In 1984, I published my first paper that presented a simulation model of a world-wide distributed application and the impact of network protocols on the application’s transaction response times. This year marks the thirtieth year of grappling with issues regarding application management. It would be glib to say that today’s topics are simply old wine in new bottles. It would also not be true. There have been some fundamental advances as well as new wrinkles in this area of computing – especially over the last 3 or 4 years.
Application Performance Management (APM) has emerged as a hot topic and has been embraced by customers who have a “need for speed”, such as trading firms that can realize a significant dollar value with the reduction of transaction delay by microseconds. A number of new technologies have emerged that can automatically monitor and report the end-to-end delay of applications from the beginning to the end of a request.
In 1984, we could only simulate the ability to instrument software to discover this information. But back then, applications were lovingly hand-crafted from the bottom up. Today, application-level monitoring can be achieved because the overall approach to building applications has been significantly standardized. Today, standard architectures and patterns are available, as well as rich frameworks and libraries. This has been an evolutionary arc in computing.
Now, I am going to mention a disrupter that you may not have heard of – cloud computing. Just kidding – I know you are constantly pummeled with this phrase. But cloud computing is growing up and by that I mean growing “up the stack”. It’s not just about Infrastructure as a Service (IaaS) anymore. Here are some of the new implications that I see emerging regarding application performance.
Software for Application Performance Management used to require a steep up-front purchase. Today, this technology is available as a service. Cloud computing enables small, focused technology companies to deliver state-of-the art application monitoring and, by offering it as Software as a Service (SaaS), they and their customers can grow together.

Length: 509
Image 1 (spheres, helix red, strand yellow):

The definition of Application Performance Management has been expanded to include managing the performance of the process that delivers applications to the enterprise. Leading “high tech” companies are moving ahead of their competitors using an application development process called “DevOps”. This is a mashup of the development and operational processes. Developers and administrators work together to automate manual tasks so that software source code is built, deployed and tested in an automated fashion. Consider the high performance, continuous development process at Flikr that requires an average of ten application deployments a day.
Finally, both public and private cloud management platforms are now providing templates so that IaaS can be moved up the stack to Application as a Service (I will avoid the acronym). Cloud users can select a service from a service catalog that results in the build and deployment of an application that requires a number of infrastructure components (IaaS) to be properly provisioned and orchestrated.
This is an emerging, disruptive capability that will elevate clouds from being a new infrastructure form factor into a complex, fully automated assembly line that, in the classic sense, mechanizes application building, deployment and performance management. We’ve come a very long way over the last 30 years.